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Monday, January 15, 2007

NEWSWEEK: Army Ex-Vice Chief Knew That 'We Were in Deep S---'

Gen. Jack Keane, former Army vice chief of staff, was stepping down just as the insurgency in Iraq started in late spring 2003.

"I went to Iraq in June, looked at it and I knew we werein deep s---," Keane tells Newsweek. "I was going out the door. I felt frustrated. Frustrated with the situation, frustrated with myself andeverything else. And somewhat guilty because I knew how ill prepared the Army was to deal with it."

But Keane gave no public warnings. In Newsweek's January 22 issue (on newsstands Monday, January 15), national security correspondent John Barry and Editor-at-Large Evan Thomas report on why, to date, the military has received little criticism for its actions in Iraq despite all of the recriminations over the situation there--and why some in the armed forces now feel that the top brass should share the blame.

"Everyone recognizes that we made mistakes," says Keane. "The harder part is what to learn from them."

Now, Lt. Gen. David Petraeus has been chosen to find a better way in Iraq. For the past 14 months, Petraeus has supervised the writing of the Army's new field manual on counterinsurgency warfare, FM 3-24. Petraeus is a resourceful, imaginative commander who has shown an ability to adapt to rude surprises, write Barry and Thomas. But he will need to be creative, and he may need to do what generals do not like to do: tell the president that he's wrong, that Iraq cannot be won by more force, that the time has come to pull back. Even Petraeus's own strategy may have been overrun byevents.

"It's ironic," says one of the drafters of the new counterinsurgency manual. "We've finished the counterinsurgency manual just as Iraq looks like it's heading for civil war. We don't have a doctrine for that."

Part of the problem, report Barry and Thomas, was the lack of such a counterinsurgency plan after the invasion. When Gen. George Casey arrived at Baghdad headquarters as the commander of U.S.-led coalition forces, he asked his staff to set up a meeting with the HQ's counterinsurgency team. "His request was met with silence," reports retired Col. Douglas Macgregor, a gulf-war veteran and author of an admired study of combat organization. (There was no such staff or counterinsurgency plan.)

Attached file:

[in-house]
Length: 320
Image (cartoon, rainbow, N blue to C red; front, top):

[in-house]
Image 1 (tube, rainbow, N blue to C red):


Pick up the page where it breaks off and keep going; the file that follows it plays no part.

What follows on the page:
Army planners were not oblivious to the risks of a long occupation after a successful, lightning invasion. The pre-war chief of Central Command, Marine Gen. Anthony Zinni, says, "The thing that kept getting us was: if you go into Iraq you aregoing to inherit a broken society."

But his successor, Gen. Tommy Franks, concentrated almost entirely on the invasion--and essentially ignored postwar planning. Sens. John Warner and Carl Levin, the top Republican and Democrat on the Senate Armed Services Committee, respectivelym asked Franks why.

"He said hewas told to stay the hell out of it" by his civilian boss, then-Defense Secretary Donald Rumsfeld, Levin recalls. (Franks denies this.)

Keane tells Newsweek that Franks believed that the postwar planning, known as Phase Four, was the responsibility of a different general, retired Lt. Gen. Jay Garner, the head of the tiny, understaffed Office for Reconstruction and Humanitarian Assistance (who in turn was soon replaced by a civilian, Ambassador Paul Bremer).

"Franks was dead wrong, and I don't believe he did this thing right, but he literally washed his hands of this Phase Four stuff," says Keane, speaking with unusual bluntness about a fellow officer. (Franks disagrees, pointing out that Garner served under him.)

In and around Baghdad, report Barry and Thomas, the Army's approach was"kinetic"; it would use firepower and brute force. Untrained incounterinsurgency, the commander of the Fourth Infantry Division, Lt. Gen.Ray Odierno, ordered his men to kick in doors and arrest any man who looked like an insurgent. Overflowing their cells at Abu Ghraib, the prisoners became targets of poorly trained, overwhelmed guards. The consequences toAmerica's image in Iraq--and in the Arab and Muslim worlds--were disastrous. (Odierno, who has recently gone back to Baghdad, insisted in an earlier interview with Newsweek that he had not been heavy-handed.)

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